5 (-) Melissa Hauschildt AUS 09:15:55 (n/a) IM Western Australia on 2016-12-04 4
6 (9) Yvonne Van Vlerken NED 09:16:20 (-1:11) IM Arizona on 2016-11-20 24
7 (13) Anja Beranek GER 09:16:56 (-2:22) IM Hawaii on 2016-10-08 8
8 (12) Lucy Gossage GBR 09:17:08 (-1:14) IM Hawaii on 2016-10-08 14
9 (15) Jodie Cunnama GBR 09:18:18 (-1:34) IM Hawaii on 2016-10-08 9
10 (10) Mary Beth Ellis USA 09:19:32 (+1:44) IM Hawaii on 2016-10-08 19

DaiBIkeKonaAfter continuing her domination in 2016, Daniela Ryf has not only defended her first place, but also extended the gap to second place. She now has a rating that is more than 15 minutes better than her closest follower.

(Photo: Daniela on the bike in Kona. Credit: Jay Prasuhn)

Mirinda Carfrae is the solid second place in my ranking. Her results this season – a lightning fast finish in Austria and a second place finish in Kona – have been great, but she’s probably frustrated that this year she wasn’t even close to Dani in Kona. I’m sure she and her coach Siri Lindley will have a close look at how to change that for next year.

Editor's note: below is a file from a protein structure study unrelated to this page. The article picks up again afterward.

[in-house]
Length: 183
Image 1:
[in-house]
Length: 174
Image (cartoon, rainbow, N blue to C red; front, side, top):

The athlete in third is my “Rookie of the Year”, Kaisa Lehtonen. She’s raced three great IMs storming into the top ranks. Will she be able to continue to race at this high level in 2017 … or maybe get even faster?

Third place finisher in Kona is my fourth ranked athlete: Heather Jackson. She’s made steady progress this year, improving her rating by almost ten minutes with two great IM finishes in Lake Placid and Kona.

Melissa Hauschildt (#5) is another athlete in this year’s Top 10 that hasn’t been ranked last year. She’s been dealing with an injury for most of last year and was forced to withdraw from Kona. This year she qualified by winning the European Championships in Frankfurt, then DNF’d in Kona with muscular problems, followed by a sub-9 win in Western Australia. Hopefully she can stay healthy, then she’ll be a force to consider in each race she enters.